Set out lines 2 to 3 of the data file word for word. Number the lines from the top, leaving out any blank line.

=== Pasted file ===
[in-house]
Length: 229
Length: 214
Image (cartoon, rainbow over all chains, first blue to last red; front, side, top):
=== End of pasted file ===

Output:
Length: 229
Length: 214